By Matt Valenti
What do school bathrooms have to do with San Diego’s mayoral candidates?
Well, some of the same people who brought us Proposition 8 are at it again, having gathered enough signatures to place an initiative on the 2014 ballot that would repeal California’s transgender students’ rights bill. That law is to take effect in January and will provide transgender students with equal access to school programs and facilities.
The conservative proponents of the repeal initiative call the transgender law the “Bathroom Bill,” and claim it will lead to students falsely pretending to be transgender so as to invade the bathrooms and locker rooms of the opposite sex – despite there being no evidence this actually occurs.
But if there’s to be a law meant to prevent people from passing themselves off as something they’re not, perhaps it should be a law to prevent conservative Republicans from passing themselves off as progressives. This is a phenomenon that San Diego has seen a lot of lately.
What we need is a local ballot initiative we could call “Proposition F,” after the two mayoral candidates who are the worst offenders: Nathan Fletcher and Kevin Faulconer.
Proposition F would put a stop to casual party-hopping like that practiced by Fletcher. Just two weeks before leaving the GOP, he told the Republicans who were gathering to select their 2012 mayoral candidate “I’ve been a Republican my entire life, which is telling because I came out of a Democratic household.”
(In other words, he’s someone who grew up around Democrats, was socially conditioned to be a Democrat, and yet always felt like he was actually a Republican deep down inside.)
Fletcher went on to brag to his fellow Republicans that he was “very proud to have a long and committed track record with this Party and with this cause,” including when “I stood and voted for an all-cuts budget, not one that reduced welfare but one that eliminated it.”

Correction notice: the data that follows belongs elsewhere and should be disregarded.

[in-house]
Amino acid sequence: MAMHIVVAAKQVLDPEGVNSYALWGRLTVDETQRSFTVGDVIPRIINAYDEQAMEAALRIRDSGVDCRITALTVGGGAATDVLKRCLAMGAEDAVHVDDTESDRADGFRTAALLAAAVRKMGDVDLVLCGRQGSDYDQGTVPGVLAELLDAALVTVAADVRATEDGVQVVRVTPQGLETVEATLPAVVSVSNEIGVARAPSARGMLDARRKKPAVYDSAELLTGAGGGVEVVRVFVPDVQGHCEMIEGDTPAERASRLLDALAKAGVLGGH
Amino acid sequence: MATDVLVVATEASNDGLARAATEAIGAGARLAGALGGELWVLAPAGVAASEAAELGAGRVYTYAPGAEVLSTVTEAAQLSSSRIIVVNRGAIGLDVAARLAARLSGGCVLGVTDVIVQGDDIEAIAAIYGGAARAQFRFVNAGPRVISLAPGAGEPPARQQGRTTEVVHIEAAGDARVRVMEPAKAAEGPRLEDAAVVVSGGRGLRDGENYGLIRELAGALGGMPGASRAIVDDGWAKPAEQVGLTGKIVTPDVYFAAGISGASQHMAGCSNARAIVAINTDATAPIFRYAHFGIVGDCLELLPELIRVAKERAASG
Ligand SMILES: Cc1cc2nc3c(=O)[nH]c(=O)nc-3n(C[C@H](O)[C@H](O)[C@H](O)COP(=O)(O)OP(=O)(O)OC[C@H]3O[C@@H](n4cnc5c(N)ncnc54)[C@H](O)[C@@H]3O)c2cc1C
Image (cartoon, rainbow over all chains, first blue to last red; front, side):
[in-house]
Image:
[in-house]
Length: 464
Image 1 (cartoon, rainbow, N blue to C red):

Republicans passed Fletcher over, however, and picked Carl De Maio as their nominee for mayor. But Fletcher stayed in the race anyway, because he was, as he told his GOP brethren, “torn between what is in my best interest and what is in the best interest of this Party.” This “committed” Republican then ran as an Independent before quickly deciding that he was a Democrat after all.
And it’s déjà vu all over again this time around. During Fletcher’s latest run for mayor, he’s launched attack ads on his Democratic opponents, claimed he will stand up to big business while collecting a paycheck for his lucrative sinecure at Qualcomm, and promised only to “have a conversation” about every major issue rather than taking a meaningful stand, much less a progressive one.
But lest you think I’m unfairly singling out Fletcher, let’s talk about that other Prop F candidate, Kevin Faulconer.
Faulconer, at least, hasn’t dropped out of the Republican Party in an effort to mislead progressive voters – yet. Instead, he’s taken the far safer route of genuflecting to the usual gang of big money interests while merely trying to hide from the average voter the fact that he’s a staunch Republican at heart.
And unlike Fletcher, he’s had some help. Doug Manchester, who publishes a developer’s newsletter known as UT-San Diego, has taken a break from trying to convince San Diego how wonderful it would be to buy a brand new stadium for the Chargers, and is now busy using his paper to urge voters to select Faulconer for mayor, while carefully downplaying and soft-pedaling the “R” word.
But not all local news outlets have been so compassionate about Faulconer’s party-identity issues. When KPBS published a profile of him which accurately labeled him a Republican no less than two whole times in a 2,500 word piece, the reporter got a stern email from Faulconer’s campaign manager, Tony Monolatos. The story, Monolatos said, “was almost entirely about Kevin being a Republican and a tool for big business” and was “stacked with similar Republican references.”
How could KPBS have been so blind, to associate a Republican politician with the, you know, Republican Party? Especially, when, as Monolatos tellingly points out, “We stressed many times how there are more Dems in Kevin’s district than Rs, that didn’t appear in your story.” (Oh, the sad, sad life of a misunderstood, party-identity-confused Republican in modern San Diego.)
Now, I’m joking of course about Proposition F. And you can’t really blame someone for trying to hide the fact that he’s a Republican politician. I’d be embarrassed if I was one, too.
But in all seriousness, if conservatives are going to try to stop transgender students from having the right to use the bathroom or locker room most appropriate to the gender they truly identify as, despite having no evidence that this right has ever been abused, then surely progressives in San Diego should try to stop DINOs (Democrat in Name Only) and RINOs (Republican in North-of-the-8 Only) from getting away with pretending to be what they are not, and causing very real harm to the integrity of our democracy.
Matt Valenti is the author of The Newts: A Political Satire of Mythic Proportions